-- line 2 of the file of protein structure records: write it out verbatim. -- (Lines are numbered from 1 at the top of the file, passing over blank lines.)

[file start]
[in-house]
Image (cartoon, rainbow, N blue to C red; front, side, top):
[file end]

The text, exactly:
Image (cartoon, rainbow, N blue to C red; front, side, top):